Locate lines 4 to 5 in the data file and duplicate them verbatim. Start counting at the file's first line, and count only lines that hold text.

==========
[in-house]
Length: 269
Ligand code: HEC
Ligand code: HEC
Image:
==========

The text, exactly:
Ligand code: HEC
Image: